Saturday, December 20, 2008

Advent Conspiracy Promo Video

worth the watch... pass it on... better yet - live it out.

Friday, December 19, 2008

Go Norway...

Norway makes it a criminal offence to pay for sex
Friday, 21st November 2008. 3:29pm
By: Judy West.

The Norwegian Parliament has voted in favour of making payment for sexual
acts a criminal offence in order to protect vulnerable women and children.
The law passed with 44 votes in favour and 28 against and will come into
effect on January 1, 2009.

The legislation -- inspired by the success of neighbouring Sweden which
criminalised the purchasing of sex in 1999 – is actually rather more
robust than that of its next door neighbour, setting a new pace for
prostitution law reform.

Designed to reduce trafficking and other forms of commercial sexual
exploitation in Norway, the legislation is welcomed by many Norwegian
NGOs. Maya Brenna Nielxem, of Norwegian NGO ROSA project says “We strongly
support this law as it is of ultimate importance that society makes a
statement to the trafficking victims that we do not condone the sale and
rape of them. We hope that this will reduce the levels of trafficking and
other forms of commercial sexual exploitation in Norway. “

Norway is a country of destination for trafficking in women and children.
The majority of trafficking victims come from or through the Baltic
states, other Central and Eastern European countries, and Russia, as well
as from Latin America and Thailand. Recently Norwegian Government
authorities have expressed their awareness of the growing problem of
trafficking into the country. This week the UK Home Office announced
changes to British prostitution law, introducing the offence of paying for
sex with someone who is controlled for gain along with giving new powers
to police to close down premises where sexual exploitation is taking

Thursday, December 18, 2008

Tuesday, December 16, 2008

The Justice War

I've been reminded today about how real wars are won by ordinary battles... everyday, ordinary heroes who do the hard yards (as we say down under) and go the distance in their own backyards. One of these ordinary heroes doing extraordinary work is Debbie Messenger and her smaller yet just as potent justice fighters at Joyville in the Philippines (some are pictured above... ready for a fight!). Make sure you remember them this Christmas - I'm praying that the Incarnation of Jesus becomes so potent in their lives that they lead us to the final victory. Let justice roll.

Monday, December 15, 2008


It was a repeated theme for me yesterday as I reflected on my own talk of earlier races at Order 614 graduation... and the spiritual learning curve over the last decade of my life: anyone can start - but who will finish? The real work is often done in the last 10k not the first. Perseverance is a rare quality of our current culture... but it is a pearl if you can find it. So, as I finished the last leg of my triathlon in one of Melbournes stormiest sundays I reminded myself of the value of finishing... I dug deep - 'soldiered up' and finished the race. It felt good. here's praying that hebrews 12 is something we don't just read but live:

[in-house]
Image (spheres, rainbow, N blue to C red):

Since we are surrounded by such a great cloud of witnesses let us press on to finish the race. consider Jesus, who for the joy set before him, endured the cross, scourning it's shame and SAT DOWN at the right hand of God.

Friday, December 12, 2008

Human Rights

There is a growing debate and action around a Human Rights charter in Australia.
Get informed and active in the debate at this site: Get Up. Your Rights, Your Say
This government consultation is a once in a lifetime chance to call for a Human Rights Act to permanently protect human rights in Australia.

Tuesday, December 9, 2008

Youth and Justice

I've been soooo incredibly blown away by younger folks who want to committ themselves to justice. It's incredible. Actually, many of them have requested some help getting started so we are releasing (first thing in January... at INSANE Melourne) High School justice kits to get them started. If you are one you will want to check them out... they highlight four global justice campaigns and give you everything you need to get started spreading the aroma of sweet smelling justice at your school. If you are a teacher or chaplain or even a youth leader - you can use this kit to help you out!
Don't miss the revolution. We mean to change the world.
Stay tuned for more details and while you are waiting why not start yourself... host a fairtrade chocolate fondue party and stop the traffik - check out the website for more details.

Sunday, December 7, 2008

thoughts on alcohol...

So, I was chatting with John Smith this morning at St. martin's community God Squad celebration. Good times. We started to talk through the subtle differences between our communities (Salvos and St. Martin's). We have much more in common of course, rooted in the same Wesleyan theology and staunch supporters of holiness impacting tough places with light. One of the main differences is alcohol.